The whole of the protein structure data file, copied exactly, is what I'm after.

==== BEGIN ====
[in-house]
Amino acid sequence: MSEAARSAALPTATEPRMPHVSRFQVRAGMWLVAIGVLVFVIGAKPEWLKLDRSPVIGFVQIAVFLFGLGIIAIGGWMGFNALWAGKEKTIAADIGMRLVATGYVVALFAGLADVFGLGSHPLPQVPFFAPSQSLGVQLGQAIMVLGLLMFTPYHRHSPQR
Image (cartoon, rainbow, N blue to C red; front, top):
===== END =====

[in-house]
Amino acid sequence: MSEAARSAALPTATEPRMPHVSRFQVRAGMWLVAIGVLVFVIGAKPEWLKLDRSPVIGFVQIAVFLFGLGIIAIGGWMGFNALWAGKEKTIAADIGMRLVATGYVVALFAGLADVFGLGSHPLPQVPFFAPSQSLGVQLGQAIMVLGLLMFTPYHRHSPQR
Image (cartoon, rainbow, N blue to C red; front, top):